Few actors or actresses made the transition from silent films to talkies while maintaining their popularity. Greta Garbo was a clear exception. Born in Sweden as Greta Gustafsson, she made several hugely popular silent movies, including Flesh and the Devil (1926) and A Woman of Affairs (1928). She feared her Swedish accent would be her undoing with sound, but she needn’t have worried. The publicity campaign was “Garbo talks!”, and she became the queen of MGM throughout the 1930s.
Did she ever say, “I want to be alone”? Yes, in the 1932 film Grand Hotel. The American Film Institute voted it the 30th most popular movie quote of all time. Though she was certainly a private woman, she disputed the characterization of her by the press as an eccentric . “I never said, ‘I want to be alone,'” she explained. “I only said, ‘I want to be let alone.’ There is all the difference.”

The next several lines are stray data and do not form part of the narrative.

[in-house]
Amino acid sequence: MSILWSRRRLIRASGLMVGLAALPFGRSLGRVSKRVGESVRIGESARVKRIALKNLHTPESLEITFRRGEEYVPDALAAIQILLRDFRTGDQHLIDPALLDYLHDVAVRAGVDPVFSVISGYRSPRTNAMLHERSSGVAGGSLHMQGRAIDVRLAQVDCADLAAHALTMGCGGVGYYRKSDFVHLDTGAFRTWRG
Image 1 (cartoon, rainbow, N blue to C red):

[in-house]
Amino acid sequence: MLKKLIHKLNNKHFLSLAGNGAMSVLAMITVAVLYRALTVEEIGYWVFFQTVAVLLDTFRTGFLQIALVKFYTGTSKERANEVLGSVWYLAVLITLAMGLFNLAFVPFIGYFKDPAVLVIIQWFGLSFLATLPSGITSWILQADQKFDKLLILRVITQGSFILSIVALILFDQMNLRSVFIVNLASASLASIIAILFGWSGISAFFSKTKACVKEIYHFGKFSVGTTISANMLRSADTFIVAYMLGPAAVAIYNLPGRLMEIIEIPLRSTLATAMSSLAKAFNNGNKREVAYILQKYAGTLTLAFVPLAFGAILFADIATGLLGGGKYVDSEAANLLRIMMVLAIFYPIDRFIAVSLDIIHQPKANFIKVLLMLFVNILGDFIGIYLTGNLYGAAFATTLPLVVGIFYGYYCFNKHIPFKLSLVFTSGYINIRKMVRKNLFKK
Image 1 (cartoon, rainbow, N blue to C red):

Garbo was nominated for four Academy Awards (Romance, 1930; Anna Christie, 1930; Camille, 1938; and Ninotchka, 1940) but never won. She did receive an honorary Oscar in 1955 for her lifetime of performances. (She didn’t show up to receive the award.) Daily Variety voted her Best Actress of the Half Century in 1950. And the AFI named her number 5 in its list of Greatest Screen Legends. Garbo, who worked in the USA most of her life and lived in New York after retiring from films, became a naturalized U.S. citizen in 1951.